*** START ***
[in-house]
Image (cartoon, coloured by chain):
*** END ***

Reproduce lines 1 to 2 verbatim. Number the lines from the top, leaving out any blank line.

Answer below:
[in-house]
Image (cartoon, coloured by chain):